Monica Yunus and her friend and fellow vocalist Camille Zamora were both students at the Juilliard School in 2001 when the September 11th attacks happened just a short subway ride away.
“There is a firehouse right behind Juilliard, some of the those men were first responders,” Yunus recalled, “and just after 9/11, a group of students went and sang for them.”
Those performances, and Yunus and Zamora’s shared interest in advocacy work, planted the seeds for what would become Sing for Hope in 2006.
“Camille had organized an annual concert to benefit Houston's Bering Omega AIDS hospice in memory of a friend that passed there,” Yunus said. “And then after Hurricane Katrina [in 2005] I had a similar desire to start do something for the victims of Katrina. In a situation where I felt so helpless I wanted to do something to be of use.”
Since the organization’s founding eight years ago, it has helped pair singers, dancers, instrumentalists and other artists with community service opportunities, like hospital bedside performances and community center concerts. Sing for Hope also runs a youth chorus focused on service learning.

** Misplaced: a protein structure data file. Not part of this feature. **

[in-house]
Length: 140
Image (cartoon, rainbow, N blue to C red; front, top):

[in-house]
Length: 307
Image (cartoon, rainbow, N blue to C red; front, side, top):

“So many artists told us that they wanted to do something but that they didn’t have time to organize it,” Yunus says. “Today we focus on energies on uplifting lives through the arts."
Sing for Hope recently released “An AIDS Quilt Songbook: Sing for Hope," an album featuring performances by Yo-Yo Ma, Joyce DiDonato, Jamie Barton, Noah Stewart, Susanna Phillips, Sean Panikkar, Matthew Polenzani, Anthony Dean Griffey, both Yunus and Zamora, and many others. All of the proceeds from the songbook will go to the AIDS charity amfAR.
Yunus says she’s particularly proud of the song “No Giggly Time” on the new album. In it, she sings from the perspective of a sex worker who is encouraging others to take care of their health.
“The songs are about the sides of the crisis you maybe don’t hear about,” she said. “It shows the humor and humanity in the fight against the disease.”
The Bangladesh-born Yunus - daughter of the Nobel Prize-winning economist Muhammad Yunus - says that she has gotten more interested in her South Asian heritage as she’s gotten older.
“I came to my Bangladeshi identity later in life,” said the singer, who was raised by her Russian-American mother in New Jersey after her parents’ divorce. “I’ve obviously seen the work of my father and been influenced by it. I consider myself an ambassador for his work.”